Three potential professional and personal outcomes of the second victim experience have been identified as thriving, surviving, and dropping out. Evidence suggests that a lack of departmental and peer support will negatively impact how the individual copes, leading to increased distress and suboptimal recovery. Researchers are just beginning to understand the link between second victimization and significant burnout.

A formal peer support network promotes a sense of safety and instills hope for recovery. Peer support delivered by trained, experienced colleagues is one of the most critical, evidence-based interventions to reduce distress and build resilience after stressful calls. The focus of supportive peer interaction is not on “fixing” the suffering but instead on allowing the individual to recognize how they are doing, realize they are not alone, and identify that their responses are normal. To follow best practices, peer supporters should identify and normalize the many reactions experienced in the aftermath of a challenging call.

First responders around the globe perform lifesaving and heroic work in unusually stressful environments due to the challenges and associated risks of their chosen professions. Providing such care poses unique threats to the individual care team members that include physical, mental, spiritual and emotional wellbeing. The potential personal and professional toll of rendering assistance and care are substantial. The development of a formal peer support infrastructure is a foundational element of a robust patient safety culture. Peer support should become a predictable part of the department’s response to potentially emotionally challenging runs.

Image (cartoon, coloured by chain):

CPS “Road to Reliability” Webinar Series

As part of its Road to Reliability Webinar series, the Center for Patient Safety is offering a webinar on Oct. 21, 2020, at 1:00 pm CST. The session will provide an overview of the second victim phenomenon as it pertains to the EMS community and offers tips on developing a successful peer support process.

Visit the CPS’s “The Road to High Reliability” for additional information and to register.

About the speakers

Susan D. Scott, PhD, RN, CPPS, FAAN

Dr. Scott is a patient safety consultant for the Center for Patient Safety. She also practices as a nurse scientist at the University of Missouri Health Care, where she continues her studies on the potential personal and professional impact of emotionally challenging cases. She has practiced the art and science of nursing in a variety of clinical settings that include nNeonatal ICU, neonatal/pediatric transport, ambulatory pediatrics, patient safety and legal nurse consulting. Her research interest involves the development of effective institutional support networks to address clinician support in the aftermath of unanticipated clinical outcomes and events. Her research has defined the second victim phenomenon allowing for the design and deployment of the first of its kind peer support network, the forYOU Team. She has authored numerous articles and textbook chapters related to the topic of the second victim phenomenon and healthcare workforce wellbeing. Dr. Scott has partnered with agencies such as the Agency for Healthcare Research and Quality, American Hospital Association, The Joint Commission, and the Institute for Healthcare Improvement to ensure comprehensive clinician support interventions are accessible to healthcare institutions around the globe.

Shelby Cox, BS, NREMT-P

Shelby is the patient safety project coordinator for the Center for Patient Safety. She is also a paramedic with more than 20 years of experience in EMS.

Additional resources on emotional resiliency

Learn more about recovering from challenging calls and emotional resiliency with these resources from EMS1: